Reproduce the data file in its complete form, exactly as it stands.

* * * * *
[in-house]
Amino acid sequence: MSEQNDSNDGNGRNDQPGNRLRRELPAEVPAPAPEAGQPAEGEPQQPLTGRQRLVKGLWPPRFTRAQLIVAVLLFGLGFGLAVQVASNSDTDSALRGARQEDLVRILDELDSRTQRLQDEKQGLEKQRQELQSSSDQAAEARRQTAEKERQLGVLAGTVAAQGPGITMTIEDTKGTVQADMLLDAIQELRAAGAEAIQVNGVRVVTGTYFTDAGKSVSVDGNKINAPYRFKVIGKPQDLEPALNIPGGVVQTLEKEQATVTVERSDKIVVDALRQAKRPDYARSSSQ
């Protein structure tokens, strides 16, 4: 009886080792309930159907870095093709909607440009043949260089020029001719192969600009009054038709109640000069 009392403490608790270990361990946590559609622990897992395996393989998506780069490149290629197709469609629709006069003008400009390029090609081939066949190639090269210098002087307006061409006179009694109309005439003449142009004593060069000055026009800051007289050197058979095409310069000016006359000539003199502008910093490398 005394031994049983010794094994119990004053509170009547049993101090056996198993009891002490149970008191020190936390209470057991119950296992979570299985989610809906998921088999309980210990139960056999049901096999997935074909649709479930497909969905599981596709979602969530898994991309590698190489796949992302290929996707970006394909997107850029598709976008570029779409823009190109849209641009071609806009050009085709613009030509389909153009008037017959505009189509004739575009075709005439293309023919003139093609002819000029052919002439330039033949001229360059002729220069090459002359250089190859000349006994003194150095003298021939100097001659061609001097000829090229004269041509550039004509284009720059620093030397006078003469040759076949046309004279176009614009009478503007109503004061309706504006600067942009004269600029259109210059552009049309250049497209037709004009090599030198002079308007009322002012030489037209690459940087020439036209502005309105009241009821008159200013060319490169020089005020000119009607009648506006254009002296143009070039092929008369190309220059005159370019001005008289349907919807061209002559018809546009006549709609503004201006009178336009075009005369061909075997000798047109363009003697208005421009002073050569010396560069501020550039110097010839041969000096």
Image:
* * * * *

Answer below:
[in-house]
Amino acid sequence: MSEQNDSNDGNGRNDQPGNRLRRELPAEVPAPAPEAGQPAEGEPQQPLTGRQRLVKGLWPPRFTRAQLIVAVLLFGLGFGLAVQVASNSDTDSALRGARQEDLVRILDELDSRTQRLQDEKQGLEKQRQELQSSSDQAAEARRQTAEKERQLGVLAGTVAAQGPGITMTIEDTKGTVQADMLLDAIQELRAAGAEAIQVNGVRVVTGTYFTDAGKSVSVDGNKINAPYRFKVIGKPQDLEPALNIPGGVVQTLEKEQATVTVERSDKIVVDALRQAKRPDYARSSSQ
């Protein structure tokens, strides 16, 4: 009886080792309930159907870095093709909607440009043949260089020029001719192969600009009054038709109640000069 009392403490608790270990361990946590559609622990897992395996393989998506780069490149290629197709469609629709006069003008400009390029090609081939066949190639090269210098002087307006061409006179009694109309005439003449142009004593060069000055026009800051007289050197058979095409310069000016006359000539003199502008910093490398 005394031994049983010794094994119990004053509170009547049993101090056996198993009891002490149970008191020190936390209470057991119950296992979570299985989610809906998921088999309980210990139960056999049901096999997935074909649709479930497909969905599981596709979602969530898994991309590698190489796949992302290929996707970006394909997107850029598709976008570029779409823009190109849209641009071609806009050009085709613009030509389909153009008037017959505009189509004739575009075709005439293309023919003139093609002819000029052919002439330039033949001229360059002729220069090459002359250089190859000349006994003194150095003298021939100097001659061609001097000829090229004269041509550039004509284009720059620093030397006078003469040759076949046309004279176009614009009478503007109503004061309706504006600067942009004269600029259109210059552009049309250049497209037709004009090599030198002079308007009322002012030489037209690459940087020439036209502005309105009241009821008159200013060319490169020089005020000119009607009648506006254009002296143009070039092929008369190309220059005159370019001005008289349907919807061209002559018809546009006549709609503004201006009178336009075009005369061909075997000798047109363009003697208005421009002073050569010396560069501020550039110097010839041969000096």
Image: